Atmospheric transport and deposition of particulate matter and particulate-bound agrochemicals from beef cattle feedlots: Implications for human health and ecological risk assessment



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Beef cattle feedlot-derived particulate matter (PM) is a major source of chemical and biological contaminants in surrounding air, water, soil, and sediment compartments in the Southern Great Plains (SGP) of North America. However, human and environmental risk assessment of feedlots are hindered due to a lack of air monitoring, and the spatial extent of downwind transport and deposition of PM and PM-bound agrochemicals is unclear. Therefore, to resolve present knowledge gaps, 1) USEPA’s CALPUFF dispersion model was used to validate inhalable PM (PM10 and PM2.5) emissions factors and model atmospheric transport from five feedlots, 2) total suspended particulates (TSP) were collected <1 - >12 km downwind of three feedlots to quantify seasonal agrochemical occurrence and cumulative human health risk, and 3) wet sediment was collected from playa wetlands in varying proximity to feedlots to assess seasonal agrochemical occurrence, source apportionment, and ecological risk to two benthic invertebrates (Hyallela azteca and Chironomus spp). CALPUFF-modeled emissions factors and PM concentrations from feedlots were greater overall in warmer months vs colder months, and peak diurnal emissions were frequently observed in the evening to early morning hours. National Ambient Air Quality Standards (NAAQS) for inhalable PM were exceeded at four of five feedlots over the duration of the modeling period, and modeled atmospheric transport of PM10 and PM2.5 posed a human health risk to surrounding communities within a 5-km discrete receptor extent. Pyrethroids and macrocyclic lactones (MLs) were frequently detected in downwind TSP (pyrethroids = 96.2; MLs = 98.1%) from May-August 2022, and downwind distance-decay of TSP indicated inhalable PM concentrations at levels that would significantly impact residents >12 km downwind during diurnal peak periods. Moreover, screening-level cumulative pyrethroid exposure estimates for agricultural communities in the SGP indicate elevated health risk for children 1-2 years of age. Of 21 agrochemicals analyzed in playa wetland sediment (n = 33), pyrethroid occurrence was considerable (75.8% of basins), and overall pyrethroid concentrations were significantly correlated with feedlot proximity (R2 = 0.178, p = 0.007). Overall organic carbon-normalized pyrethroid concentrations indicated acute high risk to benthic invertebrates in >75% of cases. Research results indicate significant impacts to surrounding human and ecological communities in the SGP, and a present lack of regulatory air monitoring at feedlot facilities places an undue burden on low-income, rural communities to demonstrate impacts to human health and public welfare.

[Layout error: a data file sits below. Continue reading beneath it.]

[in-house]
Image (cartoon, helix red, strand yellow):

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pyrethroids, beef cattle feedlots, human health, ecological risk, PM dispersion modeling, CALPUFF, clean air act, environmental policy, agrochemicals, playa wetlands